Five European governments are setting up a hi-tech team to monitor how terrorists and criminals use the net.
Sharing information about terror suspects could get easier
The group will make recommendations on shutting down websites that break terrorism laws.
The plans for the initiative came out of a meeting of the G5 interior ministers in Spain that discussed ways to tackle these threats.
The five countries also agreed to make it easier to swap data about terror suspects and thefts of explosives.
The interior ministers of Spain, Britain, France, Germany and Italy - the G5 - met in Granada this week for an anti-terrorism summit.
To combat terrorism the ministers agreed to make it easier for police forces in their respective states to share data about suspects connected to international terror groups.
Information shared could also involve intelligence about money laundering, the forgery of identity papers, stolen cars, DNA data, missing persons and unidentified corpses.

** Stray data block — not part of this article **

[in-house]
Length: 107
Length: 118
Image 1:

Part of this anti-terror work will involve the creation of the technical team that will keep an eye on how organised crime groups and terrorists make of the web.
Many criminals have moved many well-known crimes to the web because the returns are so good and the chance of being detected is still relatively low.
The group is also likely to make recommendations on shutting down websites that contravene laws on inciting acts of terror.
Although the meeting of the G5 is informal and any decisions they make are not binding, the summits do tend to set the tone for future policy decisions.